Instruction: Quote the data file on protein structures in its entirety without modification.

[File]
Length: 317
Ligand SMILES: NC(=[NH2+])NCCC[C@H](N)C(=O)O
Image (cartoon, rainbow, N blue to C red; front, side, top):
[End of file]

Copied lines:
Length: 317
Ligand SMILES: NC(=[NH2+])NCCC[C@H](N)C(=O)O
Image (cartoon, rainbow, N blue to C red; front, side, top):